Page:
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|Title:||Survival Outcomes of Elderly Patients With Glioblastoma Multiforme in Their 75th Year or Older Treated With Adjuvant Therapy||Authors:||Back, Michael F ;Jayamanne, Dasantha ;Harris, G.;Wheeler, H.;Gzell, C.;Kastelan, M.;Schembri, G.;Brazier, D.;Cook, R.;Parkinson, J.;Khasraw, M.;Louw, S.||Affliation:||Central Coast Local Health District
|Issue Date:||Jul-2017||Source:||98(4):802-810||Journal title:||International Journal of Radiation Oncology, Biology, Physics||Department:||Central Coast Cancer Centre||Abstract:||PURPOSE: To assess the outcomes of the most elderly cohort of patients with a diagnosis of glioblastoma multiforme (GBM) after intensity modulated radiation therapy (IMRT). METHODS AND MATERIALS: The data of patients with GBM who had underwent IMRT from May 2007 to December 2015 were entered into a prospective database. Analysis was performed on the data from patients diagnosed during or after 75 years of age. The primary endpoint was the median survival. Univariate and multivariate analyses were performed with respect to survival for patients aged 74 to 80 versus >80 years, Eastern Cooperative Oncology Group performance status of 0 to 1 versus 2 to 3, extent of resection, a high radiation dose (60 Gy) versus any hypofractionated schedule, MGMT methylation status, planning target volume, and the use of temozolomide (TMZ) versus no TMZ. RESULTS: Of the 108 patients, 35 received best supportive care, 1 received TMZ alone, 40 received RT alone, and 32 received combined RT and TMZ. IMRT was delivered with a hypofractionated technique (40 Gy) in 58 patients or long-course RT (60 Gy) in 11 patients. The median age was 79 years, with 61.6% of patients aged 74 to 80 years and 38.4% aged >80 years. Of the 108 patients, 64 died during the follow-up period, with a median survival of 10 months (95% confidence interval 7.1-11.9), projected 12-month survival rate of 35.6%, and 24-month survival rate of 7.9%. On univariate analysis, the independent predictors of survival included younger age (P=.02), better performance status (P=.014), greater resection extent (P=.002), and TMZ use (P<.001). MGMT methylation status, RT dose, and planning target volume showed no significant differences between the groups. Only chemotherapy use remained statistically significant (P=.035) on multivariate analysis. CONCLUSION: The current data underrepresent elderly patients aged >75 years with GBM. Despite elderly patients having a worse prognosis, the results of the present study suggest the presence of survival benefits with IMRT for selected patients that can be further extended with addition of TMZ. Further study of this cohort and an understanding of the appropriate selection criteria are warranted.||URI:||https://elibrary.cclhd.health.nsw.gov.au/cclhdjspui/handle/1/1256||DOI:||10.1016/j.ijrobp.2017.02.028||Pubmed:||https://www.ncbi.nlm.nih.gov/pubmed/28602411||ISSN:||0360-3016||Publicaton type:||Journal Article||Keywords:||Cancer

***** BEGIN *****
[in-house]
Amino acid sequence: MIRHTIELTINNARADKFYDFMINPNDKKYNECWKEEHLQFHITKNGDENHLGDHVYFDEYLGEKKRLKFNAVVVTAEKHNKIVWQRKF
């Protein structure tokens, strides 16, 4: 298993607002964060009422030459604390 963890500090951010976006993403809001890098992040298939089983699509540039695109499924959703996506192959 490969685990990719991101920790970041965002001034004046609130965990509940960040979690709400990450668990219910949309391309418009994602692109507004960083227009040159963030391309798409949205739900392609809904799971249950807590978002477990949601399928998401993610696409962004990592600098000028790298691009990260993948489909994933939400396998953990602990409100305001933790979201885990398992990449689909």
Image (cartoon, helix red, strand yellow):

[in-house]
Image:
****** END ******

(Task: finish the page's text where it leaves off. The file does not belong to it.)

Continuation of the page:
|Appears in Collections:||Oncology / Cancer|
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